our top heavy transition so at each step of a sovereign of what we do is we take the lowest of the lowest keys from oral century and we we take those corresponding entries and lift them into memory and they condense them and sort them and then we take this these are the single page or set of pages that we've loaded and we write them to disk as part of a B tree and so the amount of data that we actually move at each step of this transition is a configural parameter and we'll talk more about that later so we continue this process we take the next set of keys of lexical entries rather that have the lowest keys so the memory and append them to end of a leaf level of arbitrary I continue to do this until all the data in our US entry is consumed and we have a complete trees the approach bottom-heavy approach is where we start with an O Cemetery as mentioned earlier we take the lowest level and we turned that into the tree without actually having to the data on disk though we do is we look at each of the pages in the leaf level of this the tree to lift into memory and all we do is we take the countries that are in the upper levels our century and we see OK do the ranges of these keys interact at all with this data that we just read from the B-tree and what we can do then is we merge them in a very efficient batch manner when this is on the rate and know we do is once we have those full dense nodes constructed we write them back to desk and so you repeat this until we have a transfer all the data from the upper levels or else entry into the lowest level this the tree and this is really nice because we can avoid rewriting a lot of the data in the lowest level yeah as long as we don't have too many he's lover entries so how do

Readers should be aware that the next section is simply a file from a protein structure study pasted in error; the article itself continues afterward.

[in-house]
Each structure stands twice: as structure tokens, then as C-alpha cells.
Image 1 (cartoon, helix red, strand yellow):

we actually choose which 1 of these transitions to a to execute so we we have we develop the cost small for these transitions by looking at the amount of disk I that is necessary to translate the data from 1 do structure to another and we found this free elegant condition that shows up and if the ratio of data in the upper levels last entry to the model in the lowest level is less than some threshold then the bottom-heavy approach is better and this goes all the intuition that says if if the amount of data in the lowest level is relatively large then we should do the bottom-heavy approach and in this expression we have on the right idea is the entry size of each entry in our key-value store fee is that this great star this right cost in P is the page size of our persistent storage device so in order to the blood this transition gradually we start with analysis entry and while the transition is underway we maintain this intermediate structure we have partial century in a partial tree and maintain a pivot key and as we as we receive queries while the transition is underway we look on either side of the pivot to direct the query to the appropriate intermediate store and then we're done love for the B-tree in our century is consumed so we have this interesting trade-off between the number of steps and the cost of each step and so we your cost model we we saw this curve and a nice thing about this this shows that we can actually amortize cost over an arbitrary number of steps so we can use to say all of the transition to be an hour or a day or perhaps I want the extra latency of my key value store do not exceed 1 millisecond and in doing so we can compute the proper number of steps and make the transition are last in such a way that we don't have a much too much overhead OK now we're gonna look at the transition from a B-tree to analysis entry to hearing of a